Goods in Transit Insurance is a type of insurance contract established between the insurance provider and the insured. Through this relationship, the insurer assumes the possible damages and losses that products may suffer during their transport.
We live in a global economy, and this interrelation of supply chains forces companies to require more significant insurance against possible damages to their products during transportation. GIT guarantees that shipments reach their recipients on time and in perfect condition while protecting transportation companies from liability. To avoid any problems that may appear during goods transportation, we recommend acquiring GIT.
Transport companies are obliged to respond in case of damage to cargo in transit. Just like with other types of insurance, the insurance provider and business manager must agree on the cost of goods to be transited. Hiring additional merchandise insurance for international transport is recommended to protect merchandise.
What do Goods in Transit Insurance cover?
GIT is “all-risk” insurance that covers, among others, the following risks:
- Damage caused by accidents
- The consequences of any untoward delay
Clauses are created to protect specific aspects for more concrete cases. The essential international clauses are Institute Cargo Clauses (ICC):
- ICC (A): Offers all-risk coverage with some exceptions, such as improper packing.
- ICC (B): It focuses on risks related to crashes, tipping, fire, breakdowns, explosions, loss of value during loading and unloading, and the same exception as ICC (A).
- ICC (C):
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What is not covered by goods in transit insurance?
But, if we have said that there is “all-risk” insurance, how is it possible that there are circumstances in which our insurance does not cover us? Usually, this happens because the party that contracted the insurance acts maliciously for the insurance to pass on the amount, or one of the parties acts in such a way that the correct measures are not taken. A clear example can be a drunk driver who may spoil our merchandise.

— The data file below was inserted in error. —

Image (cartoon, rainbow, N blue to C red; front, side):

In legal terms, good faith must prevail in a relationship between policyholders. Otherwise, our insurance may not cover possible damages or losses. Some of the situations that GIT will not cover are:
- Expenses incurred for the delay.
- Manifest vice.
- Inadequate packing.
- Negligent conduct of the carrier.
- Bad faith or fraudulent conduct by the insured.
Is GIT a legal requirement?
GIT Insurance is not required by law; however, if a business delivers a purchase of goods or courier service, it must have a GIT insurance policy. Also, it is beneficial for those who have recovery and trade businesses. GIT is also essential at the time of transporting business equipment, as the cost of damaged goods can be fatal for a company’s bottom line. If you want to learn more about business insurance, take a look at our post describing everything you need to know about business insurance (Link to business insurance post).
How to calculate Goods in Transit Insurance
The factors that are often taken into account when calculating GIT are:
- Commercial invoice, the price of the policy will depend directly on it. It will not be the same price if the insured merchandise is covered in plastic as if it is a high-value car.
- The percentage that is passed on for import expenses and expenses at the origin.
- Freight costs of the transported goods.
- Along with any information that may be relevant.
YOA Insurance Brokers offers free advice on insurance coverage, risk engineering, and claims processing services both locally and abroad. If you have any doubts about GIT, do not hesitate to ask us here firstname.lastname@example.org.